No surprise, and several big ones, as Canada’s Harper is re-elected

In an election outcome that surprised both political scientists and the public, Canada’s pro-business Conservative Party has formed a majority government for the first time since 1988.

May 4, 2011

But the dramatic results of the third federal ballot in five years went beyond Prime Minister Stephen Harper’s success in finally winning control of the House of Commons, with 167 of 308 seats, after leading minority governments in 2006 and 2008.

The election also saw a historic shift in French-speaking Canada toward a federalist party it had previously ignored, and the near-collapse of two major political parties.

The Conservative Party, which marginally increased its share of the popular vote to 39.62 per cent, stood on a platform that promised C$11 billion (£7 billion) in cuts in public spending.

But there are some indications that new investment could be available for higher education. A budget put forward by the Conservatives in March contained C$10 million for the development and implementation of an international education strategy.

It also set out plans for 10 Canada Excellence Research Chairs, with additional funding for neuroscience, genomics and climate research, as well as for the Perimeter Institute for Theoretical Physics, and it has promised more support for part-time students.

In a press conference on 3 May, Mr Harper stressed continuity. “We got that mandate because of our record. One thing I’ve learned in this business is that surprises are generally not well-received by the public,” he said.

But there were surprises nevertheless: jubilation for the left-leaning New Democratic Party (NDP) as it surged from fourth place to second, and humiliation for the centrist Liberal Party and the separatist Bloc Québécois. Both haemorrhaged support as their leaders lost their seats.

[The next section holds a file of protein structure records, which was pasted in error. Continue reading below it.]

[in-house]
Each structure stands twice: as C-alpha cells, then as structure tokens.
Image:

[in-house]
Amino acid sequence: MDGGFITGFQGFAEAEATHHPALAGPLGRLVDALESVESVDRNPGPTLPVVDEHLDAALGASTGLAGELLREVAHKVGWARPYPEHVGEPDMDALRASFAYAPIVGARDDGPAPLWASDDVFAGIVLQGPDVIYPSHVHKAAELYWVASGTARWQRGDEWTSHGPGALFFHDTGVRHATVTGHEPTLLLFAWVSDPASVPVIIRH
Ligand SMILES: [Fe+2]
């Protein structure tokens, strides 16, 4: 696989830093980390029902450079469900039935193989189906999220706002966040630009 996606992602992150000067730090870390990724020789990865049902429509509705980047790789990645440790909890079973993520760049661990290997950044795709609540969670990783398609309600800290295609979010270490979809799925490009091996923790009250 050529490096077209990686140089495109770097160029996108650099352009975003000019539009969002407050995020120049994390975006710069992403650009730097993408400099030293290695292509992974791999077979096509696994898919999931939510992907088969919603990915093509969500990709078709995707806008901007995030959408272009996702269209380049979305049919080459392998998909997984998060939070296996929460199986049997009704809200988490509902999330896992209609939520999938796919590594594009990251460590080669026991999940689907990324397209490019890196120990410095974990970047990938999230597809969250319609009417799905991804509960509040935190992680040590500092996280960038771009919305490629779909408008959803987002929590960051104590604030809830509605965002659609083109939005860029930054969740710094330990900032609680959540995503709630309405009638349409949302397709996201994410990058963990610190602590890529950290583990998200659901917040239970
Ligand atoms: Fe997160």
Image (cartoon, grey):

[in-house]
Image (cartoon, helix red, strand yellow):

In a House of Commons set to welcome 100 first-time MPs, the NDP’s Quebec cohort will be among the least experienced.

While its traditional strengths elsewhere in the country mean it has numerous veteran MPs, its new Quebec team is laden with neophytes.

Among them are three McGill University undergraduates; Canada’s youngest-ever MP, a 19-year-old University of Sherbrooke student; and a bartender at Ottawa’s Carleton University who spent part of the campaign on holiday in Las Vegas before defeating a three-term Bloc Québécois incumbent by more than 10 percentage points.

In capturing Quebec, the NDP, which won 102 seats, was instrumental in the collapse of the Bloc Québécois. The separatist party headed by Gilles Duceppe shrank from 49 seats to a rump of just 4, losing official party status in Parliament. Mr Duceppe tendered his resignation as party leader on the night of the election.

Unlike the Quebec-only Bloc, the Liberal Party’s woes were played out coast to coast as it dropped to third-party status for the first time in Canada’s history.

Led by Michael Ignatieff, the former Harvard University and University of Oxford academic, the Liberals slipped to 18.91 per cent of the vote, shedding 43 seats to finish with 34.

Dr Ignatieff replaced Stéphane Dion as leader after the 2008 federal election, endorsed by Liberals who saw the high-profile “public intellectual” as a prime minister in waiting.

But, like the ex-academic he supplanted, Dr Ignatieff was later criticised for an aloof manner that lacked the common touch displayed by the NDP’s Jack Layton, himself a former professor of political science.

Resigning his post as leader on 3 May, Dr Ignatieff said, “Democracy teaches hard lessons and we have to learn them all.”

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